Dalhousie University - Inspiring Minds

 

Women in Leadership dinner highlights the power of "sisterhood"

- November 28, 2018

The Tigers teams at the Women in Leadership event. (Nick Pearce photo)
The Tigers teams at the Women in Leadership event. (Nick Pearce photo)

It was an evening full of uplifting “the sisterhood” at the ninth-annual Dalhousie Tigers Women in Leadership Spotlight Dinner.

Over 300 people gathered in the McInnes Room of the Student Union Building to show support for the student-athlete leaders of the Tigers women’s basketball and volleyball teams. Each year the event highlights the successes of current and former Dalhousie athletes, as well as to inspire continued growth of women in leadership positions.

Event emcees, Ashley Cain and Cassandra Bagnell, began the evening with some opening remarks, and introduced Tim Maloney, executive director of Athletics and Recreation to speak first.

Maloney spoke on how strongly these teams display the Dalhousie mandate of combined excellence in both academics and athletics. Maloney was also emotional in discussing how important the room full of role models is for the young women in the audience.

“At my table there are a couple of grade four and five students surrounded by seven fantastic role models, and if you were to look around the room, I’m sure you would see hundreds more. And that is so important.”

Celebrating achievement


Following Maloney, Dalhousie’s Vice-President of Research and Innovation Alice Aiken began the talk of lifting the sisterhood and stressing the importance of team work and supporting each other, sharing the quote, “there is a special place in hell for women who don’t help other women.”

Head coaches Rick Scott (women’s volleyball) and Anna Stammberger (women’s basketball) took the time to introduce their teams, speaking on both academic and athlete accomplishments, highlighted by a bold prediction from Scott.

“After six-straight AUS conference titles, we have a bigger goal this season – we’re going after the national championship.”

Two of the athletes introduced, Victoria Haworth of women’s volleyball and Diedre Alexander of women’s basketball then talked about their time as a Tiger. Each spoke of characteristics learned from being a student-athlete, learning to both win and lose graciously, being prepared, and being a good teammate. Alexander made a great point to close the segment.

“I learned it’s not actually all about me, the things you are going to accomplish, you accomplish with your team. Just because I stop putting on the jersey one day, does not mean I’ll ever stop being a Tiger.”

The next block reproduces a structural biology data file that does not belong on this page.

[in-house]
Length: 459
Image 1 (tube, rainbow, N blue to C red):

An inspiring keynote


Keynote speaker Marion Brown was a three-year member of the women’s basketball team from 1985-88. She received a Master of Social Work from Dalhousie before completing a PhD in social work at Memorial University. Dr. Brown has been a social worker in Nova Scotia for nearly 30 years, working in many different roles, but mostly related to community responses to youth in care. She has also been a professor in Dalhousie’s School of Social Work since 2002.

Dr. Brown began her speech by speaking about how sports celebrate a range of women.

“We can celebrate all types of women through sport, and the best part about it is that the differences in these women aren’t divisive; they allow us to lift each other up. Sports celebrate a women’s body for what it can do, rather than what it looks like.”

Brown then used her time to address all the women in the crowd, rallying them to put an emphasis on “upholding the sisterhood, by holding each other up.”

“We as women are told all the time that we need to be small, in stature, in voice, in positions, in leadership. I’m here to tell you that you need to be big in everything that you do.”

Finally, in the question and answer period, when asked about the qualities that she mentors in young social workers, Brown gave one final quote that should resonate with everyone who attended the dinner for years to come.

“Empathy. Look at the people around you and ask, what might life be like for them? A little bit of empathy would make for a kinder world.”


Comments

All comments require a name and email address. You may also choose to log-in using your preferred social network or register with Disqus, the software we use for our commenting system. Join the conversation, but keep it clean, stay on the topic and be brief. Read comments policy.

comments powered by Disqus